Story

The Spiderwick Chronicles opens in a dark laboratory-like room full of insects. Arthur Spiderwick (David Strathairn) is writing in an old book and is quite obviously frightened.

Eighty years later, a mother (Mary-Louise Parker) and her three children arrive at the old house. Mallory (Sarah Bolger), Simon and Jared (twins both played by Freddie Highmore) are not at all happy to be there. They have had to leave their home in New York, but it is Jared who seems the angriest. He won’t talk and fights constantly.

When they arrive, they find salt on the window sills and the house has strange noises. Things go missing and Jared is blamed. Eventually, while trying to find the source of the noises, Jared finds Arthur Spiderwick’s room. In it is the old book written by Arthur Spiderwick called The Spiderwick Chronicles. Although there is dire warning at the start of the book that it should not be read, he reads it anyway.

The book contains secrets about magical and mythical beings. By reading it, Jared sets off a chain of events that bring out goblins and the ogre Mulgarath (Nick Nolte). Mulgarath is determined to get the book because it will enable him to become so powerful that he will rule the earth. Jared needs to find a way to defeat the ogre and keep his family, and the world, safe.

Themes

The supernatural; family conflict; separation from a parent

Violence

Most of the violence in this film is not initiated by people. In many scenes, the mythical creatures attack the family violently and the family retaliate. For example:

  • Goblins attack the children by scratching and biting, leaving marks.
  • Mulgarath tells the goblins to kill Jared’s family.
  • Mallory fights the goblins with a sword.
  • There is physical fighting between the three siblings.
  • Jared appears to stab his father (actually Mulgarath in disguise).

Content that may disturb children

Under 8

In addition to the violent scenes described above, there are other scenes in this movie that could scare or disturb children in this age group. These are particularly scenes with computer-generated images of fantasy characters. For example:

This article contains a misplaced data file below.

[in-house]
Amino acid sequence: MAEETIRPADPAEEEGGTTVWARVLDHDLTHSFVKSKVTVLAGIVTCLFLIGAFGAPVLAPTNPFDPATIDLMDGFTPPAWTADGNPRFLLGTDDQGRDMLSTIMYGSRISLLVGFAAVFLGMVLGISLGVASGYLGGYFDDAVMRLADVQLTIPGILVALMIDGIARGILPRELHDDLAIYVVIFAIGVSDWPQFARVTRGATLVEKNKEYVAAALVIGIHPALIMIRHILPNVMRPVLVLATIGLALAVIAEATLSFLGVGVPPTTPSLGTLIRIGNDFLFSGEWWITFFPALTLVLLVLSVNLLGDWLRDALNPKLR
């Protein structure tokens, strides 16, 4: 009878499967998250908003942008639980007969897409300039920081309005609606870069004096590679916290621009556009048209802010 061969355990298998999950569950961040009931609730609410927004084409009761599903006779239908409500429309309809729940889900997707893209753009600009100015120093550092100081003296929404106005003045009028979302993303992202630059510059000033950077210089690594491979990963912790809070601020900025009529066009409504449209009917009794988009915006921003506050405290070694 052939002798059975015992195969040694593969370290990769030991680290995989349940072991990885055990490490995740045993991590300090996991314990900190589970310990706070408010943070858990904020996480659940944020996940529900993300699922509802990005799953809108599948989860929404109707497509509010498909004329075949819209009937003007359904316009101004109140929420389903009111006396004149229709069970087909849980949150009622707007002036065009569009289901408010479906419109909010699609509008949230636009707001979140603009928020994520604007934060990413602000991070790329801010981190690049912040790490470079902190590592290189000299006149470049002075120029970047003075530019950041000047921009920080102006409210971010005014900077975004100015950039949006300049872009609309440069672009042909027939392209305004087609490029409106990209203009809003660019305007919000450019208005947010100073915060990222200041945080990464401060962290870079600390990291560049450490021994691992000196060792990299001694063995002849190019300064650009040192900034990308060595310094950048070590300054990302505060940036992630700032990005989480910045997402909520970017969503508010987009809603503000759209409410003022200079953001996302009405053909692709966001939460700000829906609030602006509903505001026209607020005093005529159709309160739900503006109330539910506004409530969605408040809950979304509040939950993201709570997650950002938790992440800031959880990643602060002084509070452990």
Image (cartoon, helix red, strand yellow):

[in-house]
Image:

• While Arthur Spiderwick is writing in his book, ghostly and scary noises surround the house. He is quite obviously frightened.
  • When angry, a brownie changes into a creature called a ‘bogger’ that is green, ugly and aggressive.
  • Simon is dragged away from the house by something invisible.
  • Jared finds Simon in a cage hung up in a tree, and it is obvious Simon is terrified. Menacing goblins are seen below.
  • Mulgarath the ogre appears in the shape of an evil-looking old man.
  • A very evil-looking troll chases Mallory and Jared through a tunnel.
  • While the children are visiting old Aunt Lucy (Arthur’s daughter), a goblin attacks them and gets some pages of the book.
  • The children’s father appears at the house and Jared attacks his father, knowing that he is really Mulgarath in disguise. He turns into the very scary, evil-looking Mulgarath right in front of their eyes. The ogre attacks the family and ends up by chasing Jared to the roof, transforming into a huge serpent and a giant bird in the process.
  • Mallory screams because her hair is tied to the bedpost and she can’t move.
  • Jared is obviously upset by his father having left the family.  He is angry with his mother because of this. In one scene, he calls his dad several times but his father doesn’t come.

From 8-13

Younger children in this age group might also be scared by some of the scenes described above.

Over 13

Children in this age group are unlikely to be disturbed by anything in this film.

Sexual references

None

Alcohol, drugs and other substances

None

Nudity and sexual activity

None

Product placement

None

Coarse language 

This movie contains some mild coarse language and put-downs.

Ideas to discuss with your children

The Spiderwick Chronicles is a fantasy adventure featuring computer-generated images of creatures such as goblins and ogres. 

The main message is about the need to think before you act and speak, making sure that you do not judge a situation or lay blame until you know the whole story. You could talk with your child about your own family values, and other issues raised in the movie, such as listening to others, trusting others, belief in yourself, and understanding and empathy. Another important issue you could discuss is the children’s separation from their father and Jared’s reaction to it.